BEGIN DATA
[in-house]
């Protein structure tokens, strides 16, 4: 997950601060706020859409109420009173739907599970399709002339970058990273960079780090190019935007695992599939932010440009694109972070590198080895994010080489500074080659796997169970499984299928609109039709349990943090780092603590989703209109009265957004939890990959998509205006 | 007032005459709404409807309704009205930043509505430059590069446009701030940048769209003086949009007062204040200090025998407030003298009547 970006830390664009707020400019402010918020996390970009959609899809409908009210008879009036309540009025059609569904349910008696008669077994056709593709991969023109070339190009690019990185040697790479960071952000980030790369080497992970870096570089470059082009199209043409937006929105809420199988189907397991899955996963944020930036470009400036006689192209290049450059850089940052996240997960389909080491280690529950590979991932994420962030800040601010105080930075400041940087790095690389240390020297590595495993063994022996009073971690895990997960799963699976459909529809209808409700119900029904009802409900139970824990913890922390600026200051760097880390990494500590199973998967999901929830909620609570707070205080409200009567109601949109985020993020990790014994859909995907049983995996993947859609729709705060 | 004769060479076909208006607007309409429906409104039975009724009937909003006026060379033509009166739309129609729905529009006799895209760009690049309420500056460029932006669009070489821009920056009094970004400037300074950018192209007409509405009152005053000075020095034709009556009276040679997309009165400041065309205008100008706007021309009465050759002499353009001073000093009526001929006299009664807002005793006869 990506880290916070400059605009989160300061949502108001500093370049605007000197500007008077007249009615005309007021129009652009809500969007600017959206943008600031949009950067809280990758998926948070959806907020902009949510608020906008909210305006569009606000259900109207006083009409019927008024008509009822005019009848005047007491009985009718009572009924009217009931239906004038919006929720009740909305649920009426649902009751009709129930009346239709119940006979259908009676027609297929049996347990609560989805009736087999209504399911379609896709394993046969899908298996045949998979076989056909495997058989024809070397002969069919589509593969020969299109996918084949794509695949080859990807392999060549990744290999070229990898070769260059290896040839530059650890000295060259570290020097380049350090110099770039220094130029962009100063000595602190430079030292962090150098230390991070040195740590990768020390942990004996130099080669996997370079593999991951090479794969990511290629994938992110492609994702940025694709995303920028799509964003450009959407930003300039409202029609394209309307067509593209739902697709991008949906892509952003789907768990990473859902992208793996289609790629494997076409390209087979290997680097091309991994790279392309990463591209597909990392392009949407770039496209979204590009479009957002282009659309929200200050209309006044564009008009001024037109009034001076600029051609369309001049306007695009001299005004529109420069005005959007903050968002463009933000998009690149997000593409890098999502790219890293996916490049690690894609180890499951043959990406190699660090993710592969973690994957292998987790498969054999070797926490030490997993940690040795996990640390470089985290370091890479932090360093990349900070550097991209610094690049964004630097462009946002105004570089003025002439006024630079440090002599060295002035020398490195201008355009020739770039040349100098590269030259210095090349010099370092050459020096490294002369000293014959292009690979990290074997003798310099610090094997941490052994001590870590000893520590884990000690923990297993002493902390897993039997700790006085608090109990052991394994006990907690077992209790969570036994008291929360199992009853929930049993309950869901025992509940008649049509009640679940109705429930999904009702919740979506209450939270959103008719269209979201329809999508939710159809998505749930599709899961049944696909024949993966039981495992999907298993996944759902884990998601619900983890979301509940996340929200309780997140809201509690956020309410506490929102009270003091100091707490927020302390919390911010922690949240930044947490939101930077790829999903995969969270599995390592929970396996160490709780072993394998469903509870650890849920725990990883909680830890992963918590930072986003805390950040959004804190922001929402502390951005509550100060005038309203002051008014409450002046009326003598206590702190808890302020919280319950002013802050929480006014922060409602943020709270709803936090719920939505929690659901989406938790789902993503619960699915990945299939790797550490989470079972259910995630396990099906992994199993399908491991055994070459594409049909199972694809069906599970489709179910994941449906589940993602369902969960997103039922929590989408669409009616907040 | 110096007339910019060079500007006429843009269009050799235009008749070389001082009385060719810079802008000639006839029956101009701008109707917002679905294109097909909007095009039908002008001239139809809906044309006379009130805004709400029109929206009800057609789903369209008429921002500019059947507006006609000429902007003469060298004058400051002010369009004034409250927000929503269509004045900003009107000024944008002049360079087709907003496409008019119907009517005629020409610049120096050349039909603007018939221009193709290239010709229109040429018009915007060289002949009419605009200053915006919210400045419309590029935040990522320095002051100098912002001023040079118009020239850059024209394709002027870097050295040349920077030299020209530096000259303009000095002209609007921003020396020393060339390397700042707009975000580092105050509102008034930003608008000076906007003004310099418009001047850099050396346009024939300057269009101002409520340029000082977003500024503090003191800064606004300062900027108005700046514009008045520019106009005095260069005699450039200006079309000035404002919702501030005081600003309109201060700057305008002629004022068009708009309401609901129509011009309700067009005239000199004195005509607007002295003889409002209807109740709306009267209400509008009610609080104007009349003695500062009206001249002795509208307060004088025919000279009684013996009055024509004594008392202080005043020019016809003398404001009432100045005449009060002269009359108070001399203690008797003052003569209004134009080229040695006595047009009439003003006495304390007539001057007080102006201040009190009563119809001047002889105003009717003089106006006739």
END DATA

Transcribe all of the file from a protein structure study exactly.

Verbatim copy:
[in-house]
């Protein structure tokens, strides 16, 4: 997950601060706020859409109420009173739907599970399709002339970058990273960079780090190019935007695992599939932010440009694109972070590198080895994010080489500074080659796997169970499984299928609109039709349990943090780092603590989703209109009265957004939890990959998509205006 | 007032005459709404409807309704009205930043509505430059590069446009701030940048769209003086949009007062204040200090025998407030003298009547 970006830390664009707020400019402010918020996390970009959609899809409908009210008879009036309540009025059609569904349910008696008669077994056709593709991969023109070339190009690019990185040697790479960071952000980030790369080497992970870096570089470059082009199209043409937006929105809420199988189907397991899955996963944020930036470009400036006689192209290049450059850089940052996240997960389909080491280690529950590979991932994420962030800040601010105080930075400041940087790095690389240390020297590595495993063994022996009073971690895990997960799963699976459909529809209808409700119900029904009802409900139970824990913890922390600026200051760097880390990494500590199973998967999901929830909620609570707070205080409200009567109601949109985020993020990790014994859909995907049983995996993947859609729709705060 | 004769060479076909208006607007309409429906409104039975009724009937909003006026060379033509009166739309129609729905529009006799895209760009690049309420500056460029932006669009070489821009920056009094970004400037300074950018192209007409509405009152005053000075020095034709009556009276040679997309009165400041065309205008100008706007021309009465050759002499353009001073000093009526001929006299009664807002005793006869 990506880290916070400059605009989160300061949502108001500093370049605007000197500007008077007249009615005309007021129009652009809500969007600017959206943008600031949009950067809280990758998926948070959806907020902009949510608020906008909210305006569009606000259900109207006083009409019927008024008509009822005019009848005047007491009985009718009572009924009217009931239906004038919006929720009740909305649920009426649902009751009709129930009346239709119940006979259908009676027609297929049996347990609560989805009736087999209504399911379609896709394993046969899908298996045949998979076989056909495997058989024809070397002969069919589509593969020969299109996918084949794509695949080859990807392999060549990744290999070229990898070769260059290896040839530059650890000295060259570290020097380049350090110099770039220094130029962009100063000595602190430079030292962090150098230390991070040195740590990768020390942990004996130099080669996997370079593999991951090479794969990511290629994938992110492609994702940025694709995303920028799509964003450009959407930003300039409202029609394209309307067509593209739902697709991008949906892509952003789907768990990473859902992208793996289609790629494997076409390209087979290997680097091309991994790279392309990463591209597909990392392009949407770039496209979204590009479009957002282009659309929200200050209309006044564009008009001024037109009034001076600029051609369309001049306007695009001299005004529109420069005005959007903050968002463009933000998009690149997000593409890098999502790219890293996916490049690690894609180890499951043959990406190699660090993710592969973690994957292998987790498969054999070797926490030490997993940690040795996990640390470089985290370091890479932090360093990349900070550097991209610094690049964004630097462009946002105004570089003025002439006024630079440090002599060295002035020398490195201008355009020739770039040349100098590269030259210095090349010099370092050459020096490294002369000293014959292009690979990290074997003798310099610090094997941490052994001590870590000893520590884990000690923990297993002493902390897993039997700790006085608090109990052991394994006990907690077992209790969570036994008291929360199992009853929930049993309950869901025992509940008649049509009640679940109705429930999904009702919740979506209450939270959103008719269209979201329809999508939710159809998505749930599709899961049944696909024949993966039981495992999907298993996944759902884990998601619900983890979301509940996340929200309780997140809201509690956020309410506490929102009270003091100091707490927020302390919390911010922690949240930044947490939101930077790829999903995969969270599995390592929970396996160490709780072993394998469903509870650890849920725990990883909680830890992963918590930072986003805390950040959004804190922001929402502390951005509550100060005038309203002051008014409450002046009326003598206590702190808890302020919280319950002013802050929480006014922060409602943020709270709803936090719920939505929690659901989406938790789902993503619960699915990945299939790797550490989470079972259910995630396990099906992994199993399908491991055994070459594409049909199972694809069906599970489709179910994941449906589940993602369902969960997103039922929590989408669409009616907040 | 110096007339910019060079500007006429843009269009050799235009008749070389001082009385060719810079802008000639006839029956101009701008109707917002679905294109097909909007095009039908002008001239139809809906044309006379009130805004709400029109929206009800057609789903369209008429921002500019059947507006006609000429902007003469060298004058400051002010369009004034409250927000929503269509004045900003009107000024944008002049360079087709907003496409008019119907009517005629020409610049120096050349039909603007018939221009193709290239010709229109040429018009915007060289002949009419605009200053915006919210400045419309590029935040990522320095002051100098912002001023040079118009020239850059024209394709002027870097050295040349920077030299020209530096000259303009000095002209609007921003020396020393060339390397700042707009975000580092105050509102008034930003608008000076906007003004310099418009001047850099050396346009024939300057269009101002409520340029000082977003500024503090003191800064606004300062900027108005700046514009008045520019106009005095260069005699450039200006079309000035404002919702501030005081600003309109201060700057305008002629004022068009708009309401609901129509011009309700067009005239000199004195005509607007002295003889409002209807109740709306009267209400509008009610609080104007009349003695500062009206001249002795509208307060004088025919000279009684013996009055024509004594008392202080005043020019016809003398404001009432100045005449009060002269009359108070001399203690008797003052003569209004134009080229040695006595047009009439003003006495304390007539001057007080102006201040009190009563119809001047002889105003009717003089106006006739």